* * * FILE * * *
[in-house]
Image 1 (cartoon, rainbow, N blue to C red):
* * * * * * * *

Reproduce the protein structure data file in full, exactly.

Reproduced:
[in-house]
Image 1 (cartoon, rainbow, N blue to C red):